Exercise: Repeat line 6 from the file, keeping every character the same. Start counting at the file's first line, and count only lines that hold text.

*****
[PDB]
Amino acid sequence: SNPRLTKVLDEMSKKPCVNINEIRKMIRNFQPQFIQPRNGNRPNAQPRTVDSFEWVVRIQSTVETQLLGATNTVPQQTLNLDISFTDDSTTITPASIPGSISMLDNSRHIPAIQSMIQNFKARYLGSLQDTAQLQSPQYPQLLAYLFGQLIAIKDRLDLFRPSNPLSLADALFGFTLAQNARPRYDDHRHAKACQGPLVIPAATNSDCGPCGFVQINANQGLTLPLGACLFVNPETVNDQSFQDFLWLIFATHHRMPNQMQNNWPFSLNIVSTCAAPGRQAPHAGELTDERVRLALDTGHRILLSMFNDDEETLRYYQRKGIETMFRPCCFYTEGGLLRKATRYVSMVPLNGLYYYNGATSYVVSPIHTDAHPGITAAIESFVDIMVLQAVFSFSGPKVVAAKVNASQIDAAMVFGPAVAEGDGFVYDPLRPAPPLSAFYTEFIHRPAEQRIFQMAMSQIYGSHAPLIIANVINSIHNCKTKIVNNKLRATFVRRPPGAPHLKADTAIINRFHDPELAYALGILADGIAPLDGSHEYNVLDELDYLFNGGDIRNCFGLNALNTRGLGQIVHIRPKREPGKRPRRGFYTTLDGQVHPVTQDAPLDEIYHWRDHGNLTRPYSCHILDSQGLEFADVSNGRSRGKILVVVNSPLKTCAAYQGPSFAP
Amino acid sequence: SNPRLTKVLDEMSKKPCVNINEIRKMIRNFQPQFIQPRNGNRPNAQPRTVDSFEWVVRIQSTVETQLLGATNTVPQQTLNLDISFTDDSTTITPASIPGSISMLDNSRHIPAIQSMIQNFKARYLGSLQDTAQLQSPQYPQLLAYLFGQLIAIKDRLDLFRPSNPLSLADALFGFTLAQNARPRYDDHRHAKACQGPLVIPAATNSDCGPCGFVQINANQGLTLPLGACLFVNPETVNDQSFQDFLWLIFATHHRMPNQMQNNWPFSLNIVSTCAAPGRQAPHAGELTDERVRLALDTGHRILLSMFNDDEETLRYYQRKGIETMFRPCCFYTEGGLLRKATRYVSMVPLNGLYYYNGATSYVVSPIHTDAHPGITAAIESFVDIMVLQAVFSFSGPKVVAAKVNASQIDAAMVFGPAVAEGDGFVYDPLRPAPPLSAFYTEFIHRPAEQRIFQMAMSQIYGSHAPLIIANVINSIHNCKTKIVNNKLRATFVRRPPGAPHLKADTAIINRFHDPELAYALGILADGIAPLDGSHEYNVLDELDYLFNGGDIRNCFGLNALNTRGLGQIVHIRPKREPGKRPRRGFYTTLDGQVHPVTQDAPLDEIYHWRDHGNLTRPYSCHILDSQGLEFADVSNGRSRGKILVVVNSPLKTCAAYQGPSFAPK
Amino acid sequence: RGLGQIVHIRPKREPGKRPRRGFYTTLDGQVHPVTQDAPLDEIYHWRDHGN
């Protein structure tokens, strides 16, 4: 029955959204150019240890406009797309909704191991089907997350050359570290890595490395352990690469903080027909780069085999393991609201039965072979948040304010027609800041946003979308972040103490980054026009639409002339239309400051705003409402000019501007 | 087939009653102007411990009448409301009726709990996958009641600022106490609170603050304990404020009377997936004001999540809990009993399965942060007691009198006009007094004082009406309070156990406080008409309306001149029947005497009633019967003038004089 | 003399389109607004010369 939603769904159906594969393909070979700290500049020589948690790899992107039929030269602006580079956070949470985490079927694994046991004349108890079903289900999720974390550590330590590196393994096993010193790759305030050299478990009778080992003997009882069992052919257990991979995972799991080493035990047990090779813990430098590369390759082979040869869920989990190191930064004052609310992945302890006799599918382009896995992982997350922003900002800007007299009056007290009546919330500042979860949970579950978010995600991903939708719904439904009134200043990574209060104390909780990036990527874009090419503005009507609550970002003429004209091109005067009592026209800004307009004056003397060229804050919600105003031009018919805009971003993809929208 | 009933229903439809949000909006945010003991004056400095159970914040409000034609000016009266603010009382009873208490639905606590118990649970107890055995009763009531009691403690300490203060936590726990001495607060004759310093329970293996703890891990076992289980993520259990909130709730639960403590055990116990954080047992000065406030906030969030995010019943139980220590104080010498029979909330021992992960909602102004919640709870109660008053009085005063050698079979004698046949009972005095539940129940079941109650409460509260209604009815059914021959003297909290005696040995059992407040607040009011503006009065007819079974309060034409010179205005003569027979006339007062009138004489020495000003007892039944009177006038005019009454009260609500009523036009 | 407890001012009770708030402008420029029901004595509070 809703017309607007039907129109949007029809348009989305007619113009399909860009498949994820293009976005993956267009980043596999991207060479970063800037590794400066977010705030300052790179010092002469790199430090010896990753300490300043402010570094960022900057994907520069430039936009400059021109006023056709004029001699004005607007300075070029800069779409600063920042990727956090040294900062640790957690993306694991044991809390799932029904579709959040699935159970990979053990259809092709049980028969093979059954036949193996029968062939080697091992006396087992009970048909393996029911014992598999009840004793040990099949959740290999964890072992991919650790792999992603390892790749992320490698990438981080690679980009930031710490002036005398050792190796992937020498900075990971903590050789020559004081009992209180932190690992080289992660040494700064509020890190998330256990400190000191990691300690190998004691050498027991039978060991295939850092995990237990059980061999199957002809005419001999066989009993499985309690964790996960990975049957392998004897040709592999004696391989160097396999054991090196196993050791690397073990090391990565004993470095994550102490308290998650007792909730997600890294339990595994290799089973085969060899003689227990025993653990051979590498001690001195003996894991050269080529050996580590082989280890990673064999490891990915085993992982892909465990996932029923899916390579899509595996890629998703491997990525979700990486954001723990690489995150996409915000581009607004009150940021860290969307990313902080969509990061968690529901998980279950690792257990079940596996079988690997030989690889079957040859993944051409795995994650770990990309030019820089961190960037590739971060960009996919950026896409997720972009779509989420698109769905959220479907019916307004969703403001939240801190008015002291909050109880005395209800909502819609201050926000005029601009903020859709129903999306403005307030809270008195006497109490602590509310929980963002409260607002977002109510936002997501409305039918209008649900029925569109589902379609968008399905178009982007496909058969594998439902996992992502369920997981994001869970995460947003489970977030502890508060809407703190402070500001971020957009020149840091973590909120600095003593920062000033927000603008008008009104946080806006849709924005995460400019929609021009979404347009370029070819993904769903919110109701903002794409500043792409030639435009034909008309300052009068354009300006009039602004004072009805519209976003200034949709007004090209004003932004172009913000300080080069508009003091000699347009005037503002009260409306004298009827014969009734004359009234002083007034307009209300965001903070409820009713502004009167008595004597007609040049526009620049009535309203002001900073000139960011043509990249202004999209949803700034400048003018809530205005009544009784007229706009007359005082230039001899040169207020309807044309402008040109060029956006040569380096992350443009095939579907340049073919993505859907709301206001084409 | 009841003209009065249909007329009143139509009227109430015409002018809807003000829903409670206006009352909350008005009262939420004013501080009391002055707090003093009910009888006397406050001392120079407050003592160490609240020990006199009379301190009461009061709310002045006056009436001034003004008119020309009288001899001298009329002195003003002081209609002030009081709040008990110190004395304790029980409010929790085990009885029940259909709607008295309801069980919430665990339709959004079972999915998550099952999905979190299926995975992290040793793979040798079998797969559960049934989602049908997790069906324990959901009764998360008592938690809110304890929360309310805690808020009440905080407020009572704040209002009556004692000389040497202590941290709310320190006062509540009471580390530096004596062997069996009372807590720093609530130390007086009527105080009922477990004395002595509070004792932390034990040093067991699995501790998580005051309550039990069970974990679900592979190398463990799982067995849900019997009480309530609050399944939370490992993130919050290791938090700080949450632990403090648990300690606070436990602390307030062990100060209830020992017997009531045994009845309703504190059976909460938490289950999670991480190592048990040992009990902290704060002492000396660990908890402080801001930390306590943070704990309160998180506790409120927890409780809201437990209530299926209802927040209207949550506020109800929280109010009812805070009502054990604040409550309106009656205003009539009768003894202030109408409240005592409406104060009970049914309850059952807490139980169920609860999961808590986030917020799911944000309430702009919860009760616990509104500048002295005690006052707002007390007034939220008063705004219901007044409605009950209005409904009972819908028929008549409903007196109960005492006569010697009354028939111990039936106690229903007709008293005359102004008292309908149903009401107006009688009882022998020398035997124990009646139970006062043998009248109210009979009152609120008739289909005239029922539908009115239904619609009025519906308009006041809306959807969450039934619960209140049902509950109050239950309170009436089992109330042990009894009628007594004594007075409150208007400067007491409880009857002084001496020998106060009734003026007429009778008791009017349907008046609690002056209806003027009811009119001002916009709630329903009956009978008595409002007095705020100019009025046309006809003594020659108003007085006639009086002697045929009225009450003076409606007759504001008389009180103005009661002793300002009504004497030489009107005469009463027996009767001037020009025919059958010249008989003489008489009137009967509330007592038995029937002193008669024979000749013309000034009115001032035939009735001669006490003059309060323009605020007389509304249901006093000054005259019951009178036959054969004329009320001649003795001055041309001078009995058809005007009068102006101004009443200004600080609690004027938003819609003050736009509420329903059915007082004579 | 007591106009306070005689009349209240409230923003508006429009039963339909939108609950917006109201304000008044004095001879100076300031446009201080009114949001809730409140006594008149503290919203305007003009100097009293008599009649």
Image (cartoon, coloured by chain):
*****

Image (cartoon, coloured by chain):